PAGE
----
Make sure you’re sitting down, because this is it.
I could just make it short and sweet, but you all deserve a lot better than that. Also, I don’t think I can do that. I try for “short and sweet” and then, after I say what I have to say about what I really need to touch base on, it’s 3000 words later.
Besides, would you all expect any less from me? After all, if you’re reading this blog, chances are you’ve bought one of my books. Do I have to remind you how big Morevi is?
As many of you know, the previous year came out of the corner swinging haymakers like a wrecking machine. Rough seas had actually hit in 2009, but it was the beginning of 2010 that changed everything for me and my daughter. While I was counting on change in 2010, I didn’t foresee things changing as dramatically and as quickly as they did. I think Pip put it best when she said to me “Life around you is accelerated.”
I felt those G-forces most assuredly last year.
This blogpost is about the professional choices I had to make in 2010, and what is facing me in this new year. Those of you asking about Rafe, Askana, and Billi may not be thrilled with these decisions (Heck, you may flat out hate what I have to say…), but I am considering the grander scale of what I want to make a career. This means tough choices, choices you all as fans of my work should know about.
And instead of slamming you all with these touch choices in one grandiose blogpost, I’m breaking these tough choices up into a series of blogposts. I’d rather not melt your brains with a few thousand words. No need to serve the entrée and dessert with the starter, right?
So, let’s begin with a favorite of Tee Morris fans. Let’s start with where I opened my mouth and choked on my Reeboks.
Second Editions of Twitter books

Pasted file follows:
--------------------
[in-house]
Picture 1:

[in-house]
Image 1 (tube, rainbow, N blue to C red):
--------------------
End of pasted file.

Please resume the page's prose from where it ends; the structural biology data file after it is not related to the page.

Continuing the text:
In a Bird House Rules alongside Doc Coleman, I announced that I would be working on updates for All a Twitter and Sams Teach Yourself Twitter in 10 Minutes. I was really looking forward to doing this as I was insanely proud of both titles, All a Twitter in particular as my voice, opinions, and approaches to the social network rang true. While the market was flooded with books written by people who were all about making a fast buck on Twitter, my book was a book written by a Tweeter, for the Tweeters. (And no lie, it was really me writing this book.) Teach Yourself Twitter in 10 outsold All a Twitter, but All a Twitter definitely received more accolades and shout-outs on both TeeMonster and ITStudios; and considering my love for the 140-character driven network, I was more than happy to give them an upgrade.
However, when I made that announcement on the podcast, I knew I’d probably regret it.
Something I’ve noticed since shutting down The Survival Guide to Writing Fantasy: I’m making some pretty serious rookie mistakes. One that I know I covered on that podcast was talking about deals before the ink is dry on the contract. Doesn’t matter if it’s a book deal or Hollywood showing interest in one of your properties, you should never talk about any upcoming projects until the ink is dry on the contract or the advance check arrives. With All a Twitter and Twitter in 10, I had neither. I did have a phone call and an agreement; and shortly after said agreement, I sent in all the paperwork I was asked for. Then I waited for the final offer and deadline to reach my desk.
That was August.
I don’t know exactly what happened; but considering how the non-fiction books, while definitely money makers on a modest level and overall successes they were, didn’t open the doors I thought they would, I concluded that it was time to stop doing these kind of projects. Even with the credentials of a successful For Dummies book, two successful Twitter books, and having spoken on Social Media coast-to-coast and around the world, I was always passed over for the fly-by-night hucksters and Social Media Snake Oil Salesmen with self-published works and somewhat questionable credentials. This was made evident when TwitrCon came to Washington D.C., my own stomping grounds, and I was not invited to speak. The organizers did, however, fly in people from all over the country…but not the local author of two books that actively and professionally practiced Social Media.
Maybe it was because I wasn’t doing the “Make Money Now” dance, or perhaps my take on Social Media was too honest; but after filling a 300-seat theatre in New Zealand with my talk on Social Media, and then coming home to “I’m sorry, you’re who again?” I took this odd silence from publisher and agent that my stint as a computer book author was done. I still think All a Twitter and Twitter in 10 were two solid titles to close this chapter of a writing career.
Besides, I was ready to return to my first love: Fiction.
(NEXT WEEK — Concerning Dwarf Detectives
and Swashbuckling Pirates)